Leadership lessons from Confucius: perseverance and perspiration

perseverance and perspiration

Confucius said: “Let’s take piling up earth to build a mound as an example: even if I stop when I only need to pile on one last basket of earth, I have still stopped. Let’s take filling a hole in the ground as another example: if I have emptied the first basket of earth, I only need to keep on emptying more in order to continue to make progress.”

It doesn’t matter how much progress you’ve already made if you give up before achieving your goal. The responsibility for snatching defeat from the jaws of victory rests on your shoulders alone. You have no right or reason to blame anyone else.

It doesn’t matter how little progress you’ve already made if you keep on working towards your goal. You’ll surely encounter some tough challenges along the way, but if you’re armed with the right mindset you’ll overcome them and reach your target.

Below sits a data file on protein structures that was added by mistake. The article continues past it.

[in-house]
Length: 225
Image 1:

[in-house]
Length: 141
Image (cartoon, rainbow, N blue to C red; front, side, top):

No matter whether it’s losing weight or building a business, perseverance and perspiration are the key to long-term success. You won’t get very far without knuckling down and putting your nose to the grindstone.


This article features a translation of Chapter 19 of Book 9 of the Analects of Confucius. You can read my full translation of Book 9 here.

(1) Confucius certainly doesn’t sugarcoat the process of self-cultivation by comparing it to building a mound or filling a hole in the ground. It’s a grueling, backbreaking task that requires unstinting effort and dedication! While Confucius can lay out the steps you need to take, only you can decide whether you want to undertake it. He leaves the choice up to you.

(2) To Confucius’s great delight, Zigong likens the process of self-cultivation to “carving and polishing stones” and “cutting and grinding gems” in 1.15. In 8.7, Zengzi advises that anyone who chooses to follow this path “must be strong and resolute because his burden is heavy and his road is long.” As for Confucius, in 9.17 he sees it as akin to a stream that flows “never ceasing day and night.” Let’s just say that while they may be accurate, none of these metaphors are particularly alluring.

I took this image at the Temple of Confucius in Yilan, Taiwan. You can read more about the rather convoluted history of this temple in this excellent article by Josh Ellis here.

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